Melanoma is a form of skin cancer that starts in the pigment-producing skin cells called melanocytes. These cells become abnormal, grow uncontrollably, and aggressively invade surrounding tissues. Although melanoma is less common than other types of skin cancer, it is the most serious.
Fortunately, melanoma may be cured if caught and treated in its early stages when it affects only the skin. In more advanced stages, it may spread, or metastasize, through the blood or lymph system to other organs and bones, making a cure less likely.
The first step in diagnosing melanoma is a thorough evaluation with your physician. In addition to an examination, you’ll be asked to answer questions about your past sun exposure, history of moles and other skin growths, and any family history of melanoma or other cancer.
While melanoma can sometimes be recognized solely by appearance, it’s typically diagnosed with a biopsy. To perform a biopsy, your physician will remove part or all of the mole or suspicious growth. This sample will be evaluated by a pathologist to see whether it contains cancerous cells.
If the sample reveals the presence of melanoma, your doctor will next determine the stage, or extent, of the cancer. By analyzing the thickness, depth of penetration and spread of the melanoma, your physician can define it by stage and decide on the appropriate treatment plan.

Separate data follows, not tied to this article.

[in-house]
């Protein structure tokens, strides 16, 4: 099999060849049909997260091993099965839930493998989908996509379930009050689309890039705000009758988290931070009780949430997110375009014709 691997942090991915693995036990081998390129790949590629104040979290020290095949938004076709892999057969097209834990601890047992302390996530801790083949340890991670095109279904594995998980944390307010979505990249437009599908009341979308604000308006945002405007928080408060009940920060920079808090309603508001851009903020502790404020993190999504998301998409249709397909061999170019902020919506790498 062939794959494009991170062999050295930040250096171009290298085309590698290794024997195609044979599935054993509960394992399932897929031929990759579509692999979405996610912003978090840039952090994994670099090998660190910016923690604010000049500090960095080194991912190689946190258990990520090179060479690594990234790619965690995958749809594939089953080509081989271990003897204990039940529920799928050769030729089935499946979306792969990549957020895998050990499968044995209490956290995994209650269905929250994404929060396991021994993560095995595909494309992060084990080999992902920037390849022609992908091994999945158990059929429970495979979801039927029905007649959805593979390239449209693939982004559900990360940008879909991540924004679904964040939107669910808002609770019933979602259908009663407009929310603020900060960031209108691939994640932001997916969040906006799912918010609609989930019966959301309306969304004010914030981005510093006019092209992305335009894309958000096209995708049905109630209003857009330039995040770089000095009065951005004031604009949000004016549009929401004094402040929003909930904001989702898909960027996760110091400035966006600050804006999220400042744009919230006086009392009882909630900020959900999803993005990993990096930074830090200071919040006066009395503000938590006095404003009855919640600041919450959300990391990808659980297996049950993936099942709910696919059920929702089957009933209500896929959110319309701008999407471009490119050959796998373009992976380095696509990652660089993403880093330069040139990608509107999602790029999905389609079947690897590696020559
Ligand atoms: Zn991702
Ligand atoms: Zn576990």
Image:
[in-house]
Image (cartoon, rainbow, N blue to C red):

Other diagnostic tools for melanoma include:
A computed tomography (CT) scan uses x-rays to take detailed pictures of structures within the body. Unlike a conventional X-ray, a CT scan can show the details in soft tissues and internal organs. This diagnostic test can help to show if lymph nodes or organs are enlarged, which could be attributed to the spread of melanoma.
Also called surface microscopy or dermatoscopy, this non-invasive procedure involves the use of a dermatoscope, a special magnifying lens and light source, to microscopically examine lesions or other spots on the skin. A digital or photographic image of the spot may also be taken. Using dermascopy can dramatically increase the accuracy of a melanoma diagnosis and can also reveal that a suspicious lesion is benign (non-cancerous).
The melanoma unit offers a weekly high risk pigmented lesion clinic using dermascopy, conducted by
Dr. Anna Di Nardo.
Lymph Node Testing
One of the keys to accurate diagnosis and treatment of melanoma is knowing whether it has spread. Lymph nodes, which filter the lymphatic system throughout the body, can show the presence or absence of cancer. Your physician may biopsy or remove lymph nodes around the site to check them.
In a test known as sentinel lymph node testing, dye is injected into the site of the lesion, where it then spreads to the closest (“sentinel”) lymph nodes. These dyed nodes can then be removed and tested for cancer without having to remove other unaffected nodes.
Genetic testing can provide information about your risk of melanoma by looking for specific gene mutations. If testing proves that you have an increased risk of cancer, you can help to reduce those risks through prevention and early detection practices.
Consider genetic testing if you have:
- A personal history of melanoma and at least one close family member with melanoma
- Two or more close family members with melanoma
- A personal history that includes three or more melanomas, even if you don’t have a family history of the disease